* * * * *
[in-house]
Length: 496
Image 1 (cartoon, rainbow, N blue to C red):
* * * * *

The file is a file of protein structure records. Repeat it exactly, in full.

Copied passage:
[in-house]
Length: 496
Image 1 (cartoon, rainbow, N blue to C red):